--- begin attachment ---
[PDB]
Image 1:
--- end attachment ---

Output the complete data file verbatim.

[PDB]
Image 1: